Many streams returning to
One ocean,
An ever-stretching sea
Of unchosen destiny.

Back on top,
As clouds prepared to drop,
Perfect crystals danced
Divine diamond spirals,
Each especially spun
By careful chemical choices.

Life always falls,
But death is forever
There to catch her.

Like the tears of the sky
Wiped dry by
The lifting light of the sun,
The dead will rise again
As morning shines,
To smile on faces familiar.

Light forgives dark,
and so night follows day.

The many become one.

The many.

She Cries Wolf

t is not enough to merely believe in love.
For it to be real, it must be born.
Love as an idea is an empty promise.
Love embodied is what moves minds and changes the world.
Hate can change the world as well, but typically acting on one’s hatred is far easier than acting on love.
The risks are never considered when anger is expressed; there is no time.
We leap head first for revenge.
But love can be contemplated for eternity.
The risks are untold, incomprehensibly large.
If it weren’t for the legends of those who have loved that call us like sirens, no one would ever venture near such a trap.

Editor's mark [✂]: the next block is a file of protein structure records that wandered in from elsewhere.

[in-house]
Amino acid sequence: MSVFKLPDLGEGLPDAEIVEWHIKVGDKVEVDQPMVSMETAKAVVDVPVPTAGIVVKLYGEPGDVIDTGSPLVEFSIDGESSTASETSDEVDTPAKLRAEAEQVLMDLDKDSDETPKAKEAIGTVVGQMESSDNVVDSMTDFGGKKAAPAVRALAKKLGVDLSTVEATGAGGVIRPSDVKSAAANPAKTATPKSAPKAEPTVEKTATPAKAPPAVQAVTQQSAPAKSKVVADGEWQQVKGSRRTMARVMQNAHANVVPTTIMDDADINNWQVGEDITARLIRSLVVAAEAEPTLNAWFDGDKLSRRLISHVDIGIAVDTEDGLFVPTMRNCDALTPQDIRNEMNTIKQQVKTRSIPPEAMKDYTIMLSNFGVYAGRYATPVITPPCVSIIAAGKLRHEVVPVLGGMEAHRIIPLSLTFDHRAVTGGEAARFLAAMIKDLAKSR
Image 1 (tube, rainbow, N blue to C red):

Or maybe it is not the legends of others that sing to us, but the deepest secret of ourselves: that love is the seed we grew from.
Is love then but nostalgia?
Do we wish for retreat to the womb?
No, because love is also what makes the blood course through our veins even now.
It is what makes the Sun shine and the rivers return to the sea.
It is what fills the clouds with tears and makes them cry.
Why is such a beautiful feeling the cause of so much sadness?
If it is not nostalgia –if it carries regret but leaves room to rejoice– then what of it?
The pain of birth accompanies every creation.
Love is transformation.
Love is eternal life, but before we can know it, we must die.


It is a disease, a poison, a curse and a burden. That is unless it comes true… unless the expectation dies to itself and is set free. Love is the one remaining cosmic mystery. Understanding its secret is the rarest gift on earth, one everyone is after. But chasing it is not being in it. Chasing it is suffering it.


Tickling my tummy makes it rumble because butterflies are set loose inside. The surface conceals the circus, the tent blocks the light from chasing the jitters away.

A beautiful face with two eyes, one a smile and the other in pain. My prescriptions are mangled because I lack medical understanding. How to diagnose the situation? One symptom screams for a kiss, the other harmed even by a hug.

There is no way to look a Gemini in the eye. Anyone who tries ends up getting stuck trying to pawn the mean, trying to get a grip on something in between. But there is no middle ground. The lines are sharply drawn.

The question is always reflecting around in my mind, bouncing back and forth: Am I hiding from her or is she hiding from me? Who’s to say if love knows no angles, if it sees around all corners? How do people fall in love, is it just a glance, or does it take more?

What do all the butterflies mean?

God is Three Things